Seagate GoFlex Satellite 500GB Wireless Drive
Sputnik, or Sputnot?
By: James Oppenheim | Created: 2012-05-20 01:56:57 | (Updated: 0000-00-00 00:00:00)
I've had great success with most Seagate's portable USB drives. In the future we may store all our data in the "cloud", but for now, (particularly if you store large volumes of photos, music and movies or backup multi-gig drives) cheap, local storage is the way to go. But, what if you have an iPad or iPhone that is overflowing with content, and you just need more room? You can't plug in a hard dive and play; there is no port. Enter (at least theoretically) the Seagate GoFlex Satellite.
Loading your media files onto the GoFlex Satellite is as easy as plugging in the USB device to your computer, just as you would any other portable drive. The models that Seagate provided us for this review each held a capacious 500 Gig of storage.
Getting four or five hundred gigabytes transferred onto the disk doesn't happen fast, so leave plenty of time (hours and hours) to copy your files if you're planning on taking your entire collection on the road with you.
Once the data is on the disk you can unplug it from computer - the disk is now a portable, battery powered device with its own LAN!
The GoFlex Satellite will appear on your iPhone or iPad as a network you can join. In its first incarnation the GoFlex requires you to disconnect from any other LANs).
You access the disks content with an app that lets you view by type of content or delve into the directory structure (my preference).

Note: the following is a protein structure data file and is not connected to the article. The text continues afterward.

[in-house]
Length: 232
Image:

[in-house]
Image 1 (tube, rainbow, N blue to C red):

As a practical matter, I had almost no luck with this device. Seagate sent me two to review. The streaming network on one never worked. The hard disk on the second crashed within a month, having never left the safety-zone of my desk. I can't comment on the battery life as I was never able to stream long enough to run down the battery.
I was able to test different units at two meetings with Seagate. At those sessions their drives seemed to work. Seagate's reps told me that the first drive I had been sent was an early model, possibly pre-production. The second, I was assured was a new, working unit. Neither unit worked in our office for more than a short while before failing.
The technology is promising. Being able to take my entire media collection with me wherever I go is enticing. But, the number one rule of storage is that it should work. It shouldn't be fussy. It shouldn't corrupt. It should be rock solid.
From my experience, I think Seagate still has a ways to go with the GoFlex Satellite before it is ready for to go into orbit.